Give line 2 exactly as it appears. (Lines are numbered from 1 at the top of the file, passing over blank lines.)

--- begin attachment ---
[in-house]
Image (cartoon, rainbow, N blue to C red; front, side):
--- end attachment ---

Image (cartoon, rainbow, N blue to C red; front, side):